The expression of two pathogenesis related proteins (PRPs), basic chitinases and
aspartic proteases was analyzed in leaves at 24 and 48 hs after inoculation with P.
infestans for both times of treatment with BABA (3 and 20 days). The accumulation of
PRPs was estimated by western-blot analysis. In cv. Pampeana, the expression of these
enzymes was increased in plants at 3 days of treatment; this induction decreased at 20
days. In cv. Bintje, the effect of BABA on the induction of these enzymes was less
evident than in Pampeana at 3 days but increased at 20 days after BABA treatment. For
the aspartic protease, the increase at this time was major than Pampeana cultivar. In
summary, at least for these PRPs, BABA application induces an accumulation of these
proteins and this response occurs later in the susceptible cultivar.
The systemic acquired resistance (SAR) induced by BABA treatment was verified in
harvested tubers coming from treated plants. BABA application in early stages of plant
development did not affect tuber harvest yield. Moreover, in our greenhouse conditions,
the number and weight of tuber recuperated from BABA treated plants increased respect
to control plants. In these tubers the protection was observed for P. infestans and also for
Fusarium eumartii. Tubers were inoculated with zoospores of P. infestans and
maintained in moister chamber during 7 days. F .eumartii was inoculated as disks of
mycelium introduced in tuber by wounding, and maintained for 10 days at 25 oC. At
different times tuber tissue surrounding treated area was processed for protein analysis.
For both cultivars, the expression level of aspartil proteases in tubers coming from
treated plant was major than in control tubers. On the other hand, previous results
demonstrated that the tissue coming from F. eumartii infected tubers present a high level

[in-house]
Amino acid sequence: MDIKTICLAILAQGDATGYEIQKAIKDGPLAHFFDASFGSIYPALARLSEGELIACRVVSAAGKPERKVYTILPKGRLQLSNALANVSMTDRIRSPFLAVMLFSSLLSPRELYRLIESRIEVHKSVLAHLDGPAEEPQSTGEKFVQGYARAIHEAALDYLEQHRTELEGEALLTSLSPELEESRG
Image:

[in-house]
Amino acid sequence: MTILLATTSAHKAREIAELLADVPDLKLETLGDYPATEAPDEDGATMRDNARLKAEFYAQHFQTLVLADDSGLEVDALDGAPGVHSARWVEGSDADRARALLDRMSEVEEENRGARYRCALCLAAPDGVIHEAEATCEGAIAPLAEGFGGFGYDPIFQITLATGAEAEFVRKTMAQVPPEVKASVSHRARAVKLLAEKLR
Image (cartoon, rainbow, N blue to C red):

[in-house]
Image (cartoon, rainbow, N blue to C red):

of serine protease activity, called FESP (Fusarium Extracellular Serine Protease) and
that the accumulation of this serine protease activity correlates with infection process
(Olivieri et al, 2004 ). In our experiments, FESP activity decrease approximately 40% in
infected tubers coming from BABA treated plants respect to infected tubers coming from
non-treated plants.
More than 3000 articles on induced pathogen resistance have been published since 1995.
However, many questions are still unanswered and required further investigation.
Stronger efforts are required to identify the compounds causing resistance, to quantify
these compounds and to correlate with the biologically detectable resistance to
characterize the induced stage in horizontal resistance. It is also necessary to evaluate the
durability of this defense response in tuber during storage and to know the optimal time
of BABA application to obtain a effective SAR.
Literature cited
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Latinoamérica. In: Centro Internacional de la Papa, 2002. E.N. Fernandez-Northcote
(ed). Memorias del Taller Internacional Complementando la Resistencia al Tizón
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(Phytophthora infestans) en los Andes, 2002, febrero 13-16, 2001, Cochabamba,
Bolivia, GILB, Taller Latinoamérica 1, Lima, Perú. p 59-66.
Huarte, M., Butzonitch, M. Van Damme, M. Colavita, S. Capezio, S. Micheletto, E.
Cacace y A. Clausen, 1997. Experiencias, dificultades y logros obtenidos en la
búsqueda de resistencia durable a enfermedades. In: Primer Taller de PREDUZA en
Resistencia Duradera en Cultivos Altos en la Zona Andina. Quito, Ecuador, 22-24
Setiembre 1997, Ed. D. Danial, pp: 154-163.
Olivieri F, Maldonado S, Tonón C and C. Casalongué. 2004. Hydrolytic activities
of Fusarium solani and Fusarium solani f. sp. eumartii associated with the infection
process of potato tubers. Journal of Phytopathology 152: 337-344.
Tuzum, S. 2001. The relationship between pathogen-induced systemic resistance
(ISR) and multigenic (horizontal) resistance in plants. European Journal of Plant
Pathology.1007: 85-93.
Wastie R. 1991. Breeding for resistance In: Advances in Plant Pathology. Vol 7:
Phytophthora infestans, the cause of Late blight of potato. Ingrams DS and
Williams PH (eds) Academisc Press London pp 193-223.